In my feedback for A4  was asked to look at Plato’s Allegory of the Cave and watch The Matrix and compare.

The Allegory is a short section in Plato’s republic, which we are told is perhaps one of his most famous fables (Kleiner, 2014). In it some people are chained inside a cave where they must spend their whole lives. The allegory is written as a conversation between Plato and Socrates, Plato’s teacher who was put to death for practising philosophy. They discuss how the people in the cave face away from the opening towards the wall. Behind them is a fire near the entrance, and just outside of the cave is a short wall, behind which people walk by with shadow puppets shaped like real things from the world. The people in the cave see only shadows on their wall, and since they are tethered in position they can’t turn around, so they name the  shadows and believe them to be real things. They hear mumbles from outside and think they are the shadows’ voices. One of the prisoners is released and ‘compelled’ to leave the cave. He is dragged outside and his eyes suffer because the light of the fire at first, followed by the sun which is too much for him, being used to only looking at shadows all his life. But in time he becomes used to the light and realises he has not been looking at reality until now. He can look right at the sun eventually. He is delighted to learn new things and recognise them for what they really are, comprehending that until then he had only been looking at reflections and shadows. Not real things at all. He also begins to feel that sorry for people who cannot see as he does or have yet to go through the process of seeing. He recognises that going from darkness to light or back is a confusing time and has empathy for anyone who must do either. Plato and Socrates discuss how a person must turn towards the light with their entire self; mind, desire, body, spirit in order to learn. And a person can achieve this transformation fully through good habits and practise. People who might have been damaged in childhood can be transformed and instead of doing evil might focus on higher things if they become enlightened. But anyone who becomes enlightened must be sent to live in the cave again. They cannot live an idle life just enjoying themselves. It is their duty to go and share their wisdom with their fellows back in the cave. Even though they will not be believed, or laughed at and perhaps even killed for their enlightened ideas, thy must find a way to share their wisdom as wisely as they can.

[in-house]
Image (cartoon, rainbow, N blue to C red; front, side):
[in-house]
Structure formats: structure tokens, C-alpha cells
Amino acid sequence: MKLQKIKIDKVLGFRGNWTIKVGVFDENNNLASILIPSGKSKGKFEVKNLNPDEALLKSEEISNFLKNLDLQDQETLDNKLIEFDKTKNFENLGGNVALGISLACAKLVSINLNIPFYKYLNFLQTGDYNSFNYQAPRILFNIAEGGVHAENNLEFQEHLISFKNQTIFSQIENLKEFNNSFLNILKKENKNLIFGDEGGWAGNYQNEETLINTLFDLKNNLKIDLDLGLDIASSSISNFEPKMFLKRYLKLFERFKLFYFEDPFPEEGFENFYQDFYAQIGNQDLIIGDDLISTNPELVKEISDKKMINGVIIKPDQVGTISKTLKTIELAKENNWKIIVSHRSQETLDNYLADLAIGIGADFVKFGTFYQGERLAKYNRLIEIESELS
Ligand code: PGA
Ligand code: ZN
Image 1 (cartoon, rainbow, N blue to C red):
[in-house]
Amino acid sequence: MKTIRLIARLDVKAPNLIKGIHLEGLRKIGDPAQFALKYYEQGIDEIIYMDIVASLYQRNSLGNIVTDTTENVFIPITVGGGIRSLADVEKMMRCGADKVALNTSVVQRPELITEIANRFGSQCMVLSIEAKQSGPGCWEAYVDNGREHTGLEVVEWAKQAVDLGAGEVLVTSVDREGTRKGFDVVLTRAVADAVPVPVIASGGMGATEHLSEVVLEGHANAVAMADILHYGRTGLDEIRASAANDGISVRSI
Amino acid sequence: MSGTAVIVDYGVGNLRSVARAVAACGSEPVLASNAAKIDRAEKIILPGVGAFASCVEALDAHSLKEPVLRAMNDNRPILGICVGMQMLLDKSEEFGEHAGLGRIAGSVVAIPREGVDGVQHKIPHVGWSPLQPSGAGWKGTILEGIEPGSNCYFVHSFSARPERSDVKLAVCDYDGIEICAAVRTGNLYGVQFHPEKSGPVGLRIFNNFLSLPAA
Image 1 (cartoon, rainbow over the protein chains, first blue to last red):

There are several animations on this online but here is the best one (I think so anyway – it’s lovely):

The Matrix 

The Matrix, I am told by my son, is considered one of the best films ever made. I am not sure about the hyperbole but it is certainly an exciting film and the narrative is drawn from the cave story and Baudrillard’s Simulacra and Simulation. In fact the central character, Neo, takes his illegal software out of a fake book of that name. You can see the philosophical references throughout the film as Neo is taken from the non-real real world, into the real world which is not a simulation and more like some sort of hellish never land. He and others he meets there are engaged in a violent battle with a group of nefarious super beings intent on maintaining the illusion throughout the film.